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Mitu Monteiro Claims the 2017 GKA Kite-Surf World Tour Dakhla Title

It all came down to a Friday finale in Dakhla with the strongest wind all this week, blowing right off the point as the quarter-finalists reared into action.

By the 2.30pm the wind was steady cross-shore as Mitu Monteiro took on Filippe Ferreira first, linking silky smooth turns and always picking the best waves on offer. Filippe lost valuable time when his kite inverted but managed to get back out to find one more and nail a nice wave 360. He couldn’t match Mitu though and, for him, the competition was over.

Moroccan shredder Ismail Adarzane and Aussie ripper James Carew took to the water. Carew focused on the waves while Ismail went for powered rotations and savage assaults on the lip. Carew progressed through to the semi-finals before Paulino Pereira beat Camille Delannoy in a strapless freestyle showdown.

Next came the most hotly anticipated heat of the day between Airton Cozzolino and Keahi de Aboitiz. Airton’s looked virtually unbeatable so far this season, but Keahi beat Airton in the Dakhla final last year and confidently launched a relentless assault in this quarter final, taking wave after wave before pulling a 540 shuvit out of the bag – something not yet seen in competition.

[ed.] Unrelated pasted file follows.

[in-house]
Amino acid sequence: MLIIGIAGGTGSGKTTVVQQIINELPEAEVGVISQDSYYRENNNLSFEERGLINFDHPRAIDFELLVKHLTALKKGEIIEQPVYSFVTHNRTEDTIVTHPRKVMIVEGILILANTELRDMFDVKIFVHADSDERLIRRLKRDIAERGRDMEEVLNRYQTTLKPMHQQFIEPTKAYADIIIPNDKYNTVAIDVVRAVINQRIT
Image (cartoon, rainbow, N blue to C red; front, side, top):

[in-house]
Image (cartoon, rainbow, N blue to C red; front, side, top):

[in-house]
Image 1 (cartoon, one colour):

Airton responded with a salvo of aggressive hacks and freestyle tricks, including the infamous 313 but, after a tense wait, Keahi got the nod and the semis began.


James and Mitu were first out and, while James never held back, Mitu’s ceaseless barrage of smooth, calculated riding was too much for the Australian.

Keahi and Paulino then headed out to vie for a slot in the final and Keahi struck early with a huge kite loop board off before Paulino landed an unreal wave 360… which Keahi responded to with the wave of the heat.


Both riders wasted no time in getting points on the scoreboard. Keahi struck first with a super smooth front roll before Mitu fired into a silky smooth wave 360, a 360 board spin and a big crazy horse close in to shore. Keahi came back with a big grabbed back roll and an outrageous cutback towards the heat’s end.

It seemed impossible to call but, when the news came through that Mitu had clinched it, everyone was thrilled to see him take the event at the very spot where he won his world title back in 2008!